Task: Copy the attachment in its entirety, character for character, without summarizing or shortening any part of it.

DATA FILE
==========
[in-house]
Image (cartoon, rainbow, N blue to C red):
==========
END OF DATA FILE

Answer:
[in-house]
Image (cartoon, rainbow, N blue to C red):